To mimosa or not to mimosa. It's not such a hard question.

Building trust in yourself is a lifelong endeavor and applies to every single thing. Last year, I was out of control. I wasn’t on some drug/booze bender. It wasn’t like I was eating 10,000 calories per day or anything. Nothing on the surface seemed out of control, but I can tell you one thing: When I said I was going to do something for myself, I was never really sure if I would. Simply, I didn’t trust myself. I flaked on myself almost every time. I let myself, and people around me, get away with a lot of bull shit. And, there I was–the only person who couldn’t trust me to do what I said I was going to do was me.

Will power isn’t just the practice of abstinence. Self-discipline doesn’t mean that you can’t have fun. What this all amounts to is being in control of your life. Making actual decisions and being fully aware of the consequences or where those decisions fall into your life’s overall balance. Let me elaborate.

I’ve been working out with Jess Hogue, personal-trainer and owner of Shape Plus Personal Training, for nine weeks. When I first came to him, I was crying my eyes out. “I don’t know how I got here,” I kept repeating. I felt so unbelievably lost and unsure. I didn’t know if I could ever find my way back–I think part of me knew I would, but most of me had no idea what that would look or feel like. But, Jess can tell you, I’ve only been crying tears of joy since. I think, for me in particular, I was at a place in my life that I needed someone to take my hand and show me the way. I haven’t resisted any of his instruction. I’ve taken his advice as perfectly as I can. Some of that straight line, cold turkey tactic has really worked for me because 1. I wanted it so badly, but 2. I would do anything he told me to do. I knew that I wasn’t doing anything right for myself. I needed someone else to drive the boat for awhile.

Things are different now. I’m actually making various decisions on a daily basis based on me, what I want, and what I know I have to do if I want them. So, for instance, I’m on the losing-weight track. I’m not maintaining my figure, I’m actively trying to lose. This means sacrifice. This means I don’t have a lot of wiggle room, particularly because I want to sprint to my goal as quickly as I can (this is very much the type of person I am). I have one cheat moment (it’s not a day–it’s a moment) per week and usually, I use that to have drinks with friends on Saturday nights. But, for the past few weeks, I’ve been really missing Sunday brunch. I’ve been thinking about it a lot, and this past Sunday, after a night of celebrating a dear friend’s birthday, I decided I was going to also have Sunday brunch. That’s two cheat moments. I couldn’t have done that the week before. The week before, I may have slipped into some sort of unhealthy pattern and decided two cheat moments could mean three, etc., etc. But, as I dunked pieces of chicken-fried steak into chorizo gravy (I asked for extra…I barely dented the massive steak, so I’m still not sure why I wanted the side. I guess old ordering habits also die hard), and washed it all down with Snazeberry mimosas (still not sure what sugary, fruit juice concoction it was), I felt incredibly in control. I knew I wasn’t going to take leftovers home for later, or turn two mimosas into five. I knew I was going to do more cardio that evening and I was confident I wasn’t going to gain any weight. And, I didn’t.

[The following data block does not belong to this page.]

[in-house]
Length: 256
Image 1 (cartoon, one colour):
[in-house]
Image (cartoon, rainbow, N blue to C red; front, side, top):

This is an act of trust for me. I get so freaked out doing situps on the bench, extending backward toward the ground.

I didn’t resist getting on the band wagon, but I have to say, I was afraid of ever swaying from it. I couldn’t be sure I wouldn’t just get out of control again.  While it’s not something I want to do on a regular basis–like I said, I’m trying to lose weight, not maintain my current weight–I made a choice. I knew how to balance it into my goals. I’m not some deprived woman (I’m asserting my will) and I’m showing myself that I am in control in a positive, healthy way.  The thing is, I’ve always wanted what I wanted when I wanted it–which led to too much excess. What I want now, and what I know I will want forever, is to be firing on all cylinders–and I can’t do that if I don’t take care for myself. If I say yes to every cupcake, press dinner, lunch date, dinner date, I will be saying no to feeling this good. I can say yes a lot of the time, but I have to say yes to me more often. Jess said something really touching to me last week: “Watching someone become who they really are is awe-inspiring.” And, man, do I feel like myself, more and more, every day.

From Jess: “Make it impossible not to succeed by gaining your own trust! Trust that this time is really different and that you will accomplish your end goals and that you will do whatever it takes to get there. That’s just talk until you do something every day that brings you closer to your goals. And, you will be building trust and a sense of security that your goals are definite and they they are a must instead of a should. Obstacles will get in your way–mimosas and overeating will set you back. Life will get in your way of accomplishment, but is it really getting the way or are you letting it? Realize you always have options and focus on your goals. Whatever you focus on, you will get more of. If you focus on problems, then you will have more problems. If you focus on your health, you will have your health. Focus on a cheeseburger and fries, and they will come! Don’t just think about your goals. Instead, you must act on your goals by doing something every day that brings them closer to you. Anything is possible when you do this–another way to put is is: It would be impossible not to succeed!”

To learn more about where I’m working out, click here.